There is a program on PBS on the brain (episode 2 just aired this week) and it has been interesting. i have been thinking about a lot of things lately and since this show was on memory, I was reminded of how badly I wanted a photographic memory when I was in school.
I thought it would be the greatest thing in the world. Eliminate the need to study for tests or classes, just look at the materials and they would be available for recall upon request. I would ace all my classes, be able to spend more time doing what I wanted (rather than homework and study) and generally impressing the snot out of people.
Didn’t happen, at least not in the way I had imagined. For, while lying in bed this morning, I came to the realization that I was indeed granted a photographic memory…that of the prototypical amateur photographer. Fuzzy, blurry pictures, usually over-exposed or under developed, off-center, out of focus, with the heads of most of the people cut off. Time has caused much of the colour to fade. They are scratched and bent, some of the corners are ripped off.
Then there is the method of storage. They are stuffed in unlabeled boxes (remnants of other uses, such as shoes) and tossed in the back of the closet, where they are (at best) incredibly annoying to get to or (at worst) likely to be bumped without intent and exploding into a horrific mess, scattering all over the place and requiring extra effort to grab them and stuff them back out of the way (where this scene can and will be repeated in the future).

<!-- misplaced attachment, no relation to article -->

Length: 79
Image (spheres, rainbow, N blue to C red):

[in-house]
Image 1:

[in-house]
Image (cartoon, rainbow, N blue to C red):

On the (increasingly) rare occasions when I actually sit down and attempt to review the stack, I find enough time and distance has elapsed that most of the images are filled with people I don’t know at locations I can’t remember. Sometimes there is a clue of context in the image to make a guess as to who, what, and when (holiday decorations, a birthday cake, a calendar on the edge of view), but far too often there is just the vague feeling of uncertainty regarding why this image was important enough to keep. And the perverse understanding that I can’t possibly toss it away, that someday someone will either fill in the needed background or that it will be essential to solve some mystery puzzle, providing information only this exact picture holds. So it is put back in the box to gather another layer (or six) of dust until it gets drug out again.
Some people have successfully transformed their images into attractive scrapbooks, organizing related materials and adding additional text, allowing others to easily enjoy the experience of sharing the past. A great idea in concept, the closest I have come is shuffling pictures into several heaps, partially organized by geographical proximity or temporal separation. Aggregations spanning states or decades is essentially not sorted, so the work eventually gets shoveled back in the box in the closet for future archeology students to sift through.
Perhaps the weight of time will compress my memories into something useful…coal…oil… natural gas (wait, that is happening now, so perhaps an open window is required)….
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